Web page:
Chest freezers are wide, deep freezers that open from the top with a hinged lid. Often, they’re kept in a garage or a room separate from the kitchen, as they require a great deal of floor space. These types of freezers can be very useful if you have a large household, live a long way from where you buy your food, or have a large garden that yields lots of produce for home freezing. They are the most efficient in terms of capacity and are also best at keeping food frozen on a long-term basis. They’re also relatively inexpensive to purchase, but their biggest drawback is the fact that it’s difficult to keep track of what you have in there because of the way that the food is piled up on top of itself. They normally come with two interior baskets, but these generally aren’t sufficient to create an organized space. Using plastic crates is a good way of separating foods within the freezer and keeping track of what’s at the bottom—make sure you purchase crates that won’t be brittle at low temperatures, and select thick, industrial-looking crates rather than thin-walled store-cupboard-style crates.

4. Integrated Freezers


These are the absolute latest in freezer design. The freezer is integrated into the kitchen cabinets, most often just below the counter, in the form of a drawer or a series of drawers—whatever you might want. Each drawer has a depth of 24 inches and a height of 191⁄2 inches. You can have a built-in icemaker as well. With these, you can pull out the whole drawer—no secrets in the back or bottom of the freezer. They also come combined with a refrigerator drawer above the freezer drawer.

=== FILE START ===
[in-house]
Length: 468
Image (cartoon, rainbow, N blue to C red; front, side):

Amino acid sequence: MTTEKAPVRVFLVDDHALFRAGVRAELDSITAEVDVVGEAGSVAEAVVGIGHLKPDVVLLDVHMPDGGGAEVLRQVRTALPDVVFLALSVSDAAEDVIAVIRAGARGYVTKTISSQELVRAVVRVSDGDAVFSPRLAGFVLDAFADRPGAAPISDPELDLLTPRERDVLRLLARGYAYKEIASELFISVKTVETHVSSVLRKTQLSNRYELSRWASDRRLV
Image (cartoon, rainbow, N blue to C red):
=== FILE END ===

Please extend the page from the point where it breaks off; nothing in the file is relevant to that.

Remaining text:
What Does Frost Free Mean?

The latest important innovation in refrigeration is frost free technology, which saves hours of chipping away at thick layers of ice when the door won’t close anymore. In a frost-free freezer, every six hours or so a timer turns on a heating device, which is wrapped among the freezer coils. The heater melts the ice off the coils. When all the ice is gone, a temperature sensor senses the temperature rising above 32°F/0°C and turns off the heater. This is why frost-free freezers have glass shelves and baskets and no signs of metal bars or electrical elements. Upright freezers and fridge/freezers are available as manual-defrost or frost-free models, whereas chest freezers are only available as manual-defrost.

As beautiful, clean, and convenient as frost-free freezers are, it is important to know that heating the coils every six hours takes energy and cycles the food in the freezer through temperature changes. For this reason, manual-defrost freezers keep food safe longer and are more energy efficient, provided they are kept ice free by regular manual defrosting.

Manual versus Self-Defrost Freezers:

Self or auto-defrost freezers are the most convenient because they require no defrosting, but they do use more energy since they cycle on/off to keep the freezer frost-free.  Because the temperature fluctuates slightly when the freezer cycles to defrost, foods are more prone to freezer burn in a self-defrost freezer than in one that requires manual defrost.